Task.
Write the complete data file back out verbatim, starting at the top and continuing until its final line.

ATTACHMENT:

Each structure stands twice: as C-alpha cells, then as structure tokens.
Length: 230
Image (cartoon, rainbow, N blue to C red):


Each structure stands twice: as C-alpha cells, then as structure tokens.
Length: 230
Image (cartoon, rainbow, N blue to C red):